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See how nearly every bicycle saddle is made
Ever wonder how FSA does it? Take a walk through the factory and find out
Classic Colnago steel frame with gorgeous pantographed Campagnolo components
On the cutting edge with 1x11 and hydraulic disc brakes
The appliance of science gives Specialized a winner
Instantly comfortable, and stays that way
When it comes to contact points, Specialized’s big thing is Body Geometry. The idea is to use science to measure things and design products to suit. In the case of saddles, Specialized’s boffins have decided that blood flow through the arteries that pass between your sit bones is something worth maintaining.
They do, after all, supply the family jewels, and while we’re not aware of any proven link between reduced blood flow and permanent damage to something important, not starving your bits of blood does seem like a rather smart idea. The BG design is all about reducing pressure. Clearly that’s what all the other saddle designers are trying to do too, although as far as we know, Specialized are the only ones to have proved that theirs work.
Unlike some of Specialized’s other BG saddles, the Henge doesn’t have a hole straight through the middle of it. Instead there’s a channel moulded into the shell to accommodate a similarly shaped channel on top that runs almost the full length of the seat. The effect is essentially the same as if there was a hole, but without the risk of mud and spray shooting up through the seat and making a mess of your nethers.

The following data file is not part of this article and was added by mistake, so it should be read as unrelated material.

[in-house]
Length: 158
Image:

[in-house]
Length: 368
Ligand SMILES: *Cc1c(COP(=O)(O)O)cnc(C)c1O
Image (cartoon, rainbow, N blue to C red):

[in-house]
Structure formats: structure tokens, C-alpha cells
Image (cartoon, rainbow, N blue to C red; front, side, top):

The Henge’s padding is squarely in the middle of the firmness range. The shape is distinctive, with cut-off corners to ease moving on and off matched with a wide, flat nose that proves an effective climbing perch. The synthetic cover features abrasion-resistant patches, while hollow chromoly rails strike a weight/cost balance. It all works very well – the Henge is instantly comfortable, and stays that way as the miles build. It’s reasonably priced too, although there’s also a lighter, costlier alternative model.
This review first appeared on BikeRadar here.